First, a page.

Environmental Alert

Massachusetts DEP Proposes Comprehensive Greenhouse Gas Reporting Regulations

April 13, 2009

New requirements for electricity sellers, third party verification of emissions, and voluntary emissions reports added

Comments Due May 11

As the next step in implementing the economy-wide cap on greenhouse gas emissions mandated by the Global Warming Solutions Act (GWSA), the Massachusetts Department of Environmental Protection (DEP) issued proposed amendments to 310 CMR 7.71, which create comprehensive regulations regarding the mandatory reporting of greenhouse gases in Massachusetts. The public hearing on the proposed amendments is scheduled for April 30, and comments are due May 11. The third phase of regulations, regarding how emissions will be capped and reduced by 10-25% by 2020 and 80% by 2050 as required by the GWSA, will be promulgated in 2011.

The proposed regulations are similar in some respects to the existing emergency regulations, but they include important new provisions relating to reporting by electricity sellers, mandatory third party verification of submissions, and voluntary emission reports.

One-Time Registration, Due April 15, 2009

As outlined in the emergency regulations issued December 29, 2008, any facility that emitted more than 5,000 short tons of CO2 from fossil fuel combusted in stationary sources in 2008 or holds an Operating Permit under the Massachusetts Title V program (310 CMR 7.00 Appendix C) must register with DEP by April 15, 2009. The one-time registration form requires facilities to certify the amount of each type of fossil fuel used in 2008, multiplied by an emissions factor to determine the amount of CO2 emitted in 2008. Although facilities can choose the emissions factor to use, DEP recommends using the figures from Table 12.1 of The Climate Registry’s General Reporting Protocol and provides an example from that form in the guidance document. Unlike future reporting, the number reported for this registration does not require independent verification, but does need to be certified as accurate under the pains and penalties of perjury.

New in the Comprehensive Regulations

Retail Sellers of Electricity Required to Report Emissions

Beginning in 2010, every retail seller of electricity in MA (including utilities, municipal electric departments, and municipal light boards) must annually report the megawatt hours it sold the previous year, including any line losses, and the greenhouse gas emissions that are associated with that power.

Electricity sellers will have to report the emissions from electricity produced from fossil fuels separately from the emissions created by biogenic sources (defined as the combustion of plant or animal material), and may also choose to exclude non-emitting megawatt hours, if the power was eligible to demonstrate compliance with the Renewable Portfolio Standard (RPS) under 225 CMR 14.00 or 15.00, or if the associated renewable energy certificates (RECs) in the New England Power Pool (NEPOOL) Generation Information System are retired from the seller’s account.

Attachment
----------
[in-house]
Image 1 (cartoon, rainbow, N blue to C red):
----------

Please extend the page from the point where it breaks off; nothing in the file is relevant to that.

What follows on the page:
The DEP will announce two emission factors each year – one for fossil fuel and one for biogenic greenhouse gas emissions – through which retail sellers will calculate their emissions by multiplying the number of megawatt hours they sold, rather than actually adding the emissions up. For sellers who wish to be more accurate in their reporting, the regulations allow direct reporting of emissions, rather than use of the emission factor, if sellers can show through certificates from the NEPOOL system or contracts with particular generators where the power came from.

Certification and Third Party Verification

Reporting entities will have to sign a statement certifying the veracity of the reported emissions, as they do for many other forms submitted to the DEP. In addition, the proposed regulations set out a staggered schedule under which all facilities will have to hire an approved third party verifier once every 3 years. The first set of facilities to go through third party verification are those who emitted more than 25,000 tons of CO2 in 2009, who must verify their 2010 emissions by the end of 2011.

Voluntary Reporting

The proposed regulations allow voluntary reporting, either reporting by otherwise exempt facilities, or regulated facilities’ reporting additional data, such as indirect emissions due to electricity consumption. The regulation requires that the same protocol be followed and the additional data be accommodated by the electronic registry that the DEP is working with The Climate Registry to construct.

Given that emissions that are voluntarily reported will also be subject to 3rd party verification, there will likely be an additional cost associated with reporting additional data. Even so, it could be worth a facility’s while to voluntarily report data on emission avoidance or to demonstrate reductions from energy efficiency, in the hopes that these early reductions will be eligible for credits. The DEP had mentioned including a provision for Early Action Credits in a stakeholder meeting in February, but the proposed regulations do not include this provision.

Changes in the Comprehensive Regulations

The proposed regulations also change the Emergency Regulations in a few other ways:

  • Once in, always in: once a facility crosses the reporting threshold, whether because it emitted more than 5,000 CO2e in the previous year or because it holds an operating permit under Appendix C, the facility must report its emissions annually
  • New definition of “motor vehicles:” includes off-road vehicles, such as forklifts and mowing equipment, if they are owned or leased by that facility or any affiliate. This definition comes into play for reporting 2010 emissions. For 2009, facilities are required to report only emissions of CO2 from combustion of fuels in stationary sources and on-road vehicles.